Intentional Entrepreneurs Masterminds

Why Sales Don’t Always = Profit

I was talking to a friend recently who was very excited because she had 5 new custom orders. She had only been in business a few weeks and this was really cause to celebrate!

Then she asked me how she was going to find the time to fulfill on the orders.

Uh oh.  Red flag!

As we began to talk, it quickly became apparent this wasn’t a time management or fulfillment issue.  This was a pricing issue that could upset her entire business model if it wasn’t addressed NOW.

Her product line?  The one that just received 5 new orders?  It was putting her in the red. 

I see this too often in business.  Sales are great – but the money just isn’t there.

This is often (but not always!) a pricing issue.  It may sound like a no-brainer – but your own business is often the hardest to see.

Pricing is tricky. You have to charge enough to make a profit – and not too much or you might leave money on the table.

There are many ways to determine what you should charge for your products and services including:

  • Competitive Pricing looks to your competition
  • Premium Pricing is based on prestige and results
  • Value Pricing often comes into play with large quantities
  • Referral and Incentive pricing reward customers
  • And the list goes on….

One of the most common pricing strategies is Cost Plus pricing.  It’s pretty simple, and very eye-opening. Basically, you calculate what it costs you to produce a product or service, (your variable costs – Cost of Goods Sold, or COGS) and mark it up so you earn a profit.

What many people fail to realize – and what bites them in the end – is that YOUR labor is a COST.  I find most new entrepreneurs (and some seasoned entrepreneurs as well) consider their labor as profit.

This doesn’t work on many levels.  Your time is a commodity!  It is a cost to your business.

You can’t close yourself (although wouldn’t it be great if you could!!), so if you are fulfilling on an order or a contract – you aren’t available to do anything else.

My friend was investing 4-5 hours of her time on each new order.  She chooses not to hire this work out because it is her passion. That is fine.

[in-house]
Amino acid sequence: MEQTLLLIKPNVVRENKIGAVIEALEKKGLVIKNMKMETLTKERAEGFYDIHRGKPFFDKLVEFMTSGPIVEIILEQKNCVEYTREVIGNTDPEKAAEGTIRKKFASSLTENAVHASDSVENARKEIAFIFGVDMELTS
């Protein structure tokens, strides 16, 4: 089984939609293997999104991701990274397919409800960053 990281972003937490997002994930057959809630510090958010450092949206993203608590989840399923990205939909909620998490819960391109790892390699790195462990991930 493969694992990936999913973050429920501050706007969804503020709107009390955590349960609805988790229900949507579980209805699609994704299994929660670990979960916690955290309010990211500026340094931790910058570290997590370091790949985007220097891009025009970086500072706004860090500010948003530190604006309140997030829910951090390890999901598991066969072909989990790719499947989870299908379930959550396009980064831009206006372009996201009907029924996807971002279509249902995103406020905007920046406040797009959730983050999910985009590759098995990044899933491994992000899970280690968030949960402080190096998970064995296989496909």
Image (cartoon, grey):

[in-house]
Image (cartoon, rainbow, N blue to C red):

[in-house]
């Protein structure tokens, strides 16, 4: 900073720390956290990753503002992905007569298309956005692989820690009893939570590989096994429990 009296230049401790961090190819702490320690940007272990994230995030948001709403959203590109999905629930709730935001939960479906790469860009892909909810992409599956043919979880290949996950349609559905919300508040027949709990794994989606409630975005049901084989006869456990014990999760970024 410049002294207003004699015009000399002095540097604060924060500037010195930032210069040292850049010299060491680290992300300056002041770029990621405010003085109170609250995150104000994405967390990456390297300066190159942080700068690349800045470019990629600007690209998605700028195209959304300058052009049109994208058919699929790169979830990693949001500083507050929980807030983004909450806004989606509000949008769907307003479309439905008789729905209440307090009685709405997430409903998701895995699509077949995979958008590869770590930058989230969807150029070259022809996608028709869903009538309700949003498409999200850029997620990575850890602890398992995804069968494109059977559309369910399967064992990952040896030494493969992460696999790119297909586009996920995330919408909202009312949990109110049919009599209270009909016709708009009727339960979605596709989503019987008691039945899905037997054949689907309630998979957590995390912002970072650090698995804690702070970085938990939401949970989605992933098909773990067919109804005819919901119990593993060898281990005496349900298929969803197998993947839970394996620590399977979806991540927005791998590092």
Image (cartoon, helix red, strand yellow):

What isn’t fine is that she is mentally putting the money in her “profit” category.

With a little quick math I showed her that her hours were a cost of doing business, AND she was losing money on each product she sold!

With that understanding, she can decide on her course of action.  Basically she can:

  1. Raise her prices on her custom orders.
  2. Use them as a loss leader to earn more sales from those (and other) customers.
  3. Focus on making her other streams of income more profitable so she can afford to do the work she loves.

I recommended the choices I would make, (while recognizing it is her business and her choice).  Based on her input, we worked out a game plan to keep her business moving forward and making money – so she can STAY in business!

Fortunately, she sought business advice within a few weeks of starting her business and was able to prevent a potential financial disaster!

As they say – knowledge is power.

Are you making money in your business?  If not, have you calculated your costs properly, allowing for your labor AND a profit?

The main reason businesses close their doors is lack of money.  This breaks my heart, because with proper planning – you can avoid this pitfall.

I’m not sure why people avoid financial planning and projections when it comes to business – to their livelihood!  It doesn’t have to be difficult or complicated.  You just need to know a few simple things:

  1. Cost of Goods Sold
  2. Sales Price
  3. Profit  (in $)
  4. Profit Margin  (as a %)

There are a lot of good free resources out there to help you assess your profitability.  Please invest your time wisely and do the math before you run out of money!

If this is an area you struggle with – let’s talk.  Comment below or shoot me an email and let’s put our heads together to help you figure this out!

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